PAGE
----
Rationale: Increased right ventricle (RV) afterload during acute respiratory distress syndrome (ARDS) may induce acute cor pulmonale (ACP).
Objectives: To determine the prevalence and prognosis of ACP and build a clinical risk score for the early detection of ACP.
Methods: This was a prospective study in which 752 patients with moderate-to-severe ARDS receiving protective ventilation were assessed using transesophageal echocardiography in 11 intensive care units. The study cohort was randomly split in a derivation (n = 502) and a validation (n = 250) cohort.
Measurements and main results: ACP was defined as septal dyskinesia with a dilated RV [end-diastolic RV/left ventricle (LV) area ratio >0.6 (≥1 for severe dilatation)]. ACP was found in 164 of the 752 patients (prevalence of 22 %; 95 % confidence interval 19-25 %). In the derivation cohort, the ACP risk score included four variables [pneumonia as a cause of ARDS, driving pressure ≥18 cm H2O, arterial oxygen partial pressure to fractional inspired oxygen (PaO2/FiO2) ratio <150 mmHg, and arterial carbon dioxide partial pressure ≥48 mmHg]. The ACP risk score had a reasonable discrimination and a good calibration. Hospital mortality did not differ between patients with or without ACP, but it was significantly higher in patients with severe ACP than in the other patients [31/54 (57 %) vs. 291/698 (42 %); p = 0.03]. Independent risk factors for hospital mortality included severe ACP along with male gender, age, SAPS II, shock, PaO2/FiO2 ratio, respiratory rate, and driving pressure, while prone position was protective.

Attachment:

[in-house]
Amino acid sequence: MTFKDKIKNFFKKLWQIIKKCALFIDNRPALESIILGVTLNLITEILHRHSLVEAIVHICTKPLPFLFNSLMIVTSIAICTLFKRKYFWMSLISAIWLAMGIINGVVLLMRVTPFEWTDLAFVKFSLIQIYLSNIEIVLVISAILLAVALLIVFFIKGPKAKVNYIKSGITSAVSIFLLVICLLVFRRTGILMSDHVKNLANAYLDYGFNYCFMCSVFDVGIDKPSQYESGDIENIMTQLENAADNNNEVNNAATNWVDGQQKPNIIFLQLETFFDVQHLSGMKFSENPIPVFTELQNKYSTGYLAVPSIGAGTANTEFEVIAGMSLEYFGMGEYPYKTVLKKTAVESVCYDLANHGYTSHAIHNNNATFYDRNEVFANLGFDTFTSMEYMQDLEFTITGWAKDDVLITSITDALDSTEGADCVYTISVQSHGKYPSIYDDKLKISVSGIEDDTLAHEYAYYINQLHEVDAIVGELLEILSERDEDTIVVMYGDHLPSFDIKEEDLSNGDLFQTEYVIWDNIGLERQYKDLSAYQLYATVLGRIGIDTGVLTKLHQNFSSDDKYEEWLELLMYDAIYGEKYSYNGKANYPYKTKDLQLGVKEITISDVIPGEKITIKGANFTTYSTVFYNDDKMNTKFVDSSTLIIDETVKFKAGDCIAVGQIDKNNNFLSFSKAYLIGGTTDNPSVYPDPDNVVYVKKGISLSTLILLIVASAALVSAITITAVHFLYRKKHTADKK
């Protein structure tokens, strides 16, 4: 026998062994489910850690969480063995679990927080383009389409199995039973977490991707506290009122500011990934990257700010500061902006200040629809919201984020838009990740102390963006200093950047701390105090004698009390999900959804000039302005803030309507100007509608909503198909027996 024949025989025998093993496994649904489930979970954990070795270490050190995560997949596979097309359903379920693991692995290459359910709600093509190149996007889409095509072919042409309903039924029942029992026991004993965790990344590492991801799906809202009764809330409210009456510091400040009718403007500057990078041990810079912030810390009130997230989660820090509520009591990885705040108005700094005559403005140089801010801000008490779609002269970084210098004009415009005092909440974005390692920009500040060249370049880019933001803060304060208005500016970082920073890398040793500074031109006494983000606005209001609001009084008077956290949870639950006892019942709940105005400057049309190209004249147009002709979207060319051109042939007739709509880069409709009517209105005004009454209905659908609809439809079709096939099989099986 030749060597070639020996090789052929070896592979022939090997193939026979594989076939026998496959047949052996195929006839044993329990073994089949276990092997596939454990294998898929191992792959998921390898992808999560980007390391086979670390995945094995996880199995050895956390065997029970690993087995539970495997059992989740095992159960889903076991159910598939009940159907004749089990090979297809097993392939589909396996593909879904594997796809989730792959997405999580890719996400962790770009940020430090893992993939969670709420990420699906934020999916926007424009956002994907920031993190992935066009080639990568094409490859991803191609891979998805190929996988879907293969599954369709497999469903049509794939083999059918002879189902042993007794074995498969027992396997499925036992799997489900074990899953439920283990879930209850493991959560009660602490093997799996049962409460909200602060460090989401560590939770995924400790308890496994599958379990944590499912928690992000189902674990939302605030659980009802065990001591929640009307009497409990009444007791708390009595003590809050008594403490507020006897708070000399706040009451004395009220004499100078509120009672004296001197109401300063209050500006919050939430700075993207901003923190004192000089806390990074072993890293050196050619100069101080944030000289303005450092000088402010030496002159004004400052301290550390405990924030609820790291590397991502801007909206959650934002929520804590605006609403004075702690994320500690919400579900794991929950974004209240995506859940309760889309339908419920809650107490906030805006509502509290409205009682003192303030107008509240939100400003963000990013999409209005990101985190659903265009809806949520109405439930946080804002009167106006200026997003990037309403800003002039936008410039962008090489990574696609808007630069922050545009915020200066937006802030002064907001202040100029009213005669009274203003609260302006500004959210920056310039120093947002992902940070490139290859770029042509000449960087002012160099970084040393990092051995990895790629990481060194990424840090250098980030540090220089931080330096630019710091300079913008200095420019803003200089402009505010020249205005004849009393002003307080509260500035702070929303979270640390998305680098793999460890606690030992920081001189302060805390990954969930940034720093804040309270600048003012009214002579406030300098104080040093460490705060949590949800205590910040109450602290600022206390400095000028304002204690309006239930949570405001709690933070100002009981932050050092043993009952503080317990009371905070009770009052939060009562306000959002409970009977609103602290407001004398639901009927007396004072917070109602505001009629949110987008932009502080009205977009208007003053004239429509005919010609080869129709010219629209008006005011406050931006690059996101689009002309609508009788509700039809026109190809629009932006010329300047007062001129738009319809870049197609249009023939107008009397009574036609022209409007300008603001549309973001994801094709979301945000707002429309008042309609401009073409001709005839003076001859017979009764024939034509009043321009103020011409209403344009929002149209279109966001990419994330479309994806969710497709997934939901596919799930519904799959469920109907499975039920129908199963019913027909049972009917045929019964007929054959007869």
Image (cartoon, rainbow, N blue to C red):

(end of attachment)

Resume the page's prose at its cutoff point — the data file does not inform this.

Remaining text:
Conclusions: We report a 22 % prevalence of ACP and a poor outcome of severe ACP. We propose a simple clinical risk score for early identification of ACP that could trigger specific therapeutic strategies to reduce RV afterload.
Keywords: ARDS; Echocardiography; Mechanical ventilation; Right ventricle.